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dragonbite
15th September 2008, 03:09 PM
Help!
I have installed Fedora 9 with whole disk encryption. It worked for a while before dying on me and I cannot boot for whatever reason. :eek:

I want to pull my files off the hard drive but with the disk encrypted I am not sure I'll be able to!

How can I get my files off of an encrypted hard drive? Would the Fedora 9 Live CD work? What do I need to access the encrypted hard drive?

jtang613
15th September 2008, 05:36 PM
The whole point of disk encryption is to prevent someone without the proper key from accessing the filesystem.

You will need to mount the encrypted partition and enter the key (or passphrase) to access the files. Use the LUKS tools on the rescue CD or LiveCD.

Try something like:

cryptsetup luksOpen /dev/hdaX crypt_hdaX
mount /dev/mapper/crypt_hdaX /mnt/crypt
ls -l /mnt/crypt
cryptsetup luksClose crypt_hdaX
where hdaX is the partition of interest.

-J

dragonbite
15th September 2008, 05:46 PM
Great! I'll have to give it a try tonight.

dragonbite
16th September 2008, 05:29 PM
You will need to mount the encrypted partition and enter the key (or passphrase) to access the files. Use the LUKS tools on the rescue CD or LiveCD.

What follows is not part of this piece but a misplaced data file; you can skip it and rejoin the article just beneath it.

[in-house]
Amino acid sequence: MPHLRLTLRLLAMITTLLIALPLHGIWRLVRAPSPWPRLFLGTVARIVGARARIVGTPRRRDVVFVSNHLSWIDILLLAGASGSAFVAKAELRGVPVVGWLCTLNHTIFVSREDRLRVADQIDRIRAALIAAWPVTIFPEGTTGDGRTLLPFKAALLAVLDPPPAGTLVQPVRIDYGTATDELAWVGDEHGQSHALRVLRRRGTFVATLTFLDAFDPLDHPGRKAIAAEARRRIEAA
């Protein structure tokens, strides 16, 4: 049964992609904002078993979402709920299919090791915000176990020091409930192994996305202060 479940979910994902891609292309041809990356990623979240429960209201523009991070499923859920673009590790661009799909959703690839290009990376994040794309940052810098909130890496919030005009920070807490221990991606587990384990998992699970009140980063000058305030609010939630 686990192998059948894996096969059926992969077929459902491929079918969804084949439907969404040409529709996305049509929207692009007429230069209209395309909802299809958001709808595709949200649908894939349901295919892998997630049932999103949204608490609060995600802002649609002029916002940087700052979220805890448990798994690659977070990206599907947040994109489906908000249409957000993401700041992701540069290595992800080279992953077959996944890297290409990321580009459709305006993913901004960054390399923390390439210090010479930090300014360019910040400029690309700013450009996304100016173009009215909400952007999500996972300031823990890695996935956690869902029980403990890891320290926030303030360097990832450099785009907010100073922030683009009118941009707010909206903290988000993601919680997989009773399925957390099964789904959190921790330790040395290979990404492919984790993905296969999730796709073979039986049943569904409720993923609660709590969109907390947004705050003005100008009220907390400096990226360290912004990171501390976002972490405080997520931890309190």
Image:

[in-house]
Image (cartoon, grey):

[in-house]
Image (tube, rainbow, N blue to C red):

Which / what rescue CD or LiveCD?

I just tried the Fedora 9 LiveCD and I'm getting

bash: cryptsetup: command not found

I may be able to use an Ubuntu Live CD and install "cryptsetup" but I'm not sure if there is somewhere that is easier/ pre-installed?

jtang613
16th September 2008, 05:36 PM
Try searching the CD for it. If it's not included, then 'yum install' it.

dragonbite
16th September 2008, 06:24 PM
Try searching the CD for it. If it's not included, then 'yum install' it.
Do I need to any special repositories or should it be in the default ones?

That's the only reason I mentioned Ubuntu, I checked online and see it is in there but I would prefer to use Fedora LiveCD instead.

A.Serbinski
16th September 2008, 06:35 PM
cryptsetup IS on the livecd. I checked the 32bit F9, but it should also be on other architectures and older versions.

On the livecd, just as with a regular install, cryptsetup is located in /sbin, therefore unless you are logged in as root or "su -", then you'll need to specify the path.

dragonbite
16th September 2008, 06:42 PM
cryptsetup IS on the livecd. I checked the 32bit F9, but it should also be on other architectures and older versions.

On the livecd, just as with a regular install, cryptsetup is located in /sbin, therefore unless you are logged in as root or "su -", then you'll need to specify the path.

Thank you. I see it listed there and will try it in a little while (brought my laptop with me to work and tried it out originally during lunch).

I was looking for /sbin to be under /bin .. that's the problem with trying different distros, you forget which one puts what where! :cool:

dragonbite
17th September 2008, 02:39 AM
Ok, one step forward, two steps back.

Using what has been mentioned (/sbin/cryptsetup, the "luksOpen" command, etc.) worked! After a couple tries and realizing the file is /dev/sdb2 I received the prompt for the pass phrase and it accepted it! Great!

BUT

it doesn't want to mount the partition and gives the error
mount: unknown filesystem type 'lvm2pv'